Low power binocs are often recommended - but I've also found that the very lowest power binoculars (7x & 8x) often have a narrow apparant fired of view too, unless you are prepared to pay for a premium pair.

    My personal preference is for 10x50 as a companion to a telescope - a very handy bridging point between a good set of charts, and the view through a telescope.
    For binocular viewing without a scope - I use 15x70s - the extra light grasp really does pull in a lot more than 10x50s - You can actually see A LOT with 15x70s, especially if you get away from urban light-pollution.
    They will pull in all the Messier objects, plus MANY more objects from the ngc and ic catalogs.
    Obviously the low power won't allow you to see much detail on planets - but with my 15x70s I can make out the rings of Saturn, the main cloud belts of Jupiter, plus Jupiter's 4 largest moons, the phases of Venus, and I can tell that Uranus is a blue-ish disk, rather than a 'stellar' point of light.

    One Caveat - Higher binocular powers also need to be mounted on a tripod or similar.
    I can just about hand-hold 15x steadily, if I brace myself against something.
    However - even at lower powers, you will see MUCH more detail, and many more stars, if the binoculars are mounted.

    These look identical to my Celestron Skymaster 15x70 - apart from the manufacturer's logo
    Probably made in the same factory.
    http://www.walmart.com/catalog/produ...ndingMethod=rr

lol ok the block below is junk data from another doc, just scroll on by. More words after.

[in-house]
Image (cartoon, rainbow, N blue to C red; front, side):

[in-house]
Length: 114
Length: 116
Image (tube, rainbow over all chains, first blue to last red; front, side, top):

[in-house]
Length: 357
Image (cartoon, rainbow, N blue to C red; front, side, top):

I would like a pair of 20x100 bins - but currently can't afford them - probably my next purchase.
    Last edited by Carlos_dfc; 11-29-2009 at 05:41 PM.
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    Quote Originally Posted by CuriousCreature View Post
    Oh, one last question... I'm not serious enough to actually do this yet, but I've noticed that sometimes people attach telescopes to laptops... What kind of stuff are they doing?
    Astrophotography usually
    DSLRs, CCD cameras, and even webcams can be attached to a computer for taking multiple long exposures.
    Multiple exposures are then processed together (stacked), which eliminates camera chip 'noise' and gives a more detailed image.
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    A couple more points when buying binoculars for astronomy.....

    Exit Pupil:-
    Divide the aperture by the magnification - this gives the size of the exit pupil (the cone of light that exits the eyepieces)
    For astronomy binoculars you want an exit pupil of 4mm or bigger... smaller exit pupils can improve contrast, but also give dimmer images.
    You can get away with a smaller exit pupil in a telescope which has a bigger light grasp than most binocs, but at smaller (binocular) apertures, you want to be maximising light throughput.
    10x50s have a 5mm exit pupil - 10x42 = 4.2mm exit pupil - 15x70 = 4.7mm, etc......

    Coatings:-
    Avoid red (ruby) and amber lens-coatings.
    Anti-glare coatings used on high-end hunting binocs are commonly ruby or amber - this is no good for astronomy, as it reflects some light away.
    And often cheaper binocs are produced with poor-quality red/amber lenses, in order to LOOK better than they are.

    Prism:-
    If prism material is quoted - look for Bak-4 glass prisms, as opposed to the cheaper (and inferior) Bk-7
    Bak-4 has a better light throughput than Bk-7
    Last edited by Carlos_dfc; 11-29-2009 at 06:04 PM.